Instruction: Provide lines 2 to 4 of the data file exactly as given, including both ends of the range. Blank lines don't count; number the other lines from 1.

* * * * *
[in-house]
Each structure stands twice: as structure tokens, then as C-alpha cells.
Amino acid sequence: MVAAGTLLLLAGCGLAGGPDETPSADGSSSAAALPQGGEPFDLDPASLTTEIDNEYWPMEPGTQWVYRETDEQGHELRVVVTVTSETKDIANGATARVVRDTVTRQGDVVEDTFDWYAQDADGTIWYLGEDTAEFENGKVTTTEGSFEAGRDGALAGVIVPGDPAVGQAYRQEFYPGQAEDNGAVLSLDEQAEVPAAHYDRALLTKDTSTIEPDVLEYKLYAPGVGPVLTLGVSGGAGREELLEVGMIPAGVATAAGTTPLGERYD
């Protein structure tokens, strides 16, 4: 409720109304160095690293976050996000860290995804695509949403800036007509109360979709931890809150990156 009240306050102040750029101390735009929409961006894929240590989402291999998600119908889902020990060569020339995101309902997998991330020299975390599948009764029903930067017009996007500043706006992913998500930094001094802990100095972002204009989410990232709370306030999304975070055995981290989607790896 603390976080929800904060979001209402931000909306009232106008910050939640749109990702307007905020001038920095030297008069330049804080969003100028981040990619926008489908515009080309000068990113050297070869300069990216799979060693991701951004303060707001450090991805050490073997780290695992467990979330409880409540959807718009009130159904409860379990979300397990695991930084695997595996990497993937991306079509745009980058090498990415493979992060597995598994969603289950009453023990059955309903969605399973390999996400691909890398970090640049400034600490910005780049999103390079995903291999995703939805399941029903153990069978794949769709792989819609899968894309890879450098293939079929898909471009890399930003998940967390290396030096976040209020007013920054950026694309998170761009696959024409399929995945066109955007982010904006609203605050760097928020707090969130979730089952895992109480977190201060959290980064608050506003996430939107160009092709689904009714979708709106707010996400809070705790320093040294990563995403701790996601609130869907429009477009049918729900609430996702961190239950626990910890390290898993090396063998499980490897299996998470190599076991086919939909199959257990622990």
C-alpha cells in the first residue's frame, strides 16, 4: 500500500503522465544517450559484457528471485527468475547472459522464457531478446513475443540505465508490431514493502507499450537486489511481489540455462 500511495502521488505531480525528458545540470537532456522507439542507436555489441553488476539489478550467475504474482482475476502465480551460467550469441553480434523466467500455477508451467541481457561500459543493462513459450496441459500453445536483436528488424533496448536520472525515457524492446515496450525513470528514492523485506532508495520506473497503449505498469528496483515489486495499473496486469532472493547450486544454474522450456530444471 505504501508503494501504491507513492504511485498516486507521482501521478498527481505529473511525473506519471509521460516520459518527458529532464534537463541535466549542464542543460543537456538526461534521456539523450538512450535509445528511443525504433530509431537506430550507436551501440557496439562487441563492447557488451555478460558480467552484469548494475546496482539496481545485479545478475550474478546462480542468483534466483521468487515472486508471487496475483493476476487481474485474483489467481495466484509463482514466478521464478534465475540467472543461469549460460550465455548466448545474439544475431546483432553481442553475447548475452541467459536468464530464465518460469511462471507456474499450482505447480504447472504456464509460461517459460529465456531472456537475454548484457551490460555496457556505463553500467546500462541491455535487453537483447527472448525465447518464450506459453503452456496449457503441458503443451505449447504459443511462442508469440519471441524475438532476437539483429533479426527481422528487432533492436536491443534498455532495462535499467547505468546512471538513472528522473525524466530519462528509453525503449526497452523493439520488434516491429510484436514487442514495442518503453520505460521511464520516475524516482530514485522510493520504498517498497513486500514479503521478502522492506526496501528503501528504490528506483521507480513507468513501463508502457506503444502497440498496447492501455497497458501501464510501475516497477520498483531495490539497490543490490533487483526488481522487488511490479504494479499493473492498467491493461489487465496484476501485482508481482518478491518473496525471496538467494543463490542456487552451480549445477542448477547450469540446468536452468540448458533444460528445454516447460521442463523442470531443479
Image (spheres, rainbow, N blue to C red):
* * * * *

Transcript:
Each structure stands twice: as structure tokens, then as C-alpha cells.
Amino acid sequence: MVAAGTLLLLAGCGLAGGPDETPSADGSSSAAALPQGGEPFDLDPASLTTEIDNEYWPMEPGTQWVYRETDEQGHELRVVVTVTSETKDIANGATARVVRDTVTRQGDVVEDTFDWYAQDADGTIWYLGEDTAEFENGKVTTTEGSFEAGRDGALAGVIVPGDPAVGQAYRQEFYPGQAEDNGAVLSLDEQAEVPAAHYDRALLTKDTSTIEPDVLEYKLYAPGVGPVLTLGVSGGAGREELLEVGMIPAGVATAAGTTPLGERYD
């Protein structure tokens, strides 16, 4: 409720109304160095690293976050996000860290995804695509949403800036007509109360979709931890809150990156 009240306050102040750029101390735009929409961006894929240590989402291999998600119908889902020990060569020339995101309902997998991330020299975390599948009764029903930067017009996007500043706006992913998500930094001094802990100095972002204009989410990232709370306030999304975070055995981290989607790896 603390976080929800904060979001209402931000909306009232106008910050939640749109990702307007905020001038920095030297008069330049804080969003100028981040990619926008489908515009080309000068990113050297070869300069990216799979060693991701951004303060707001450090991805050490073997780290695992467990979330409880409540959807718009009130159904409860379990979300397990695991930084695997595996990497993937991306079509745009980058090498990415493979992060597995598994969603289950009453023990059955309903969605399973390999996400691909890398970090640049400034600490910005780049999103390079995903291999995703939805399941029903153990069978794949769709792989819609899968894309890879450098293939079929898909471009890399930003998940967390290396030096976040209020007013920054950026694309998170761009696959024409399929995945066109955007982010904006609203605050760097928020707090969130979730089952895992109480977190201060959290980064608050506003996430939107160009092709689904009714979708709106707010996400809070705790320093040294990563995403701790996601609130869907429009477009049918729900609430996702961190239950626990910890390290898993090396063998499980490897299996998470190599076991086919939909199959257990622990």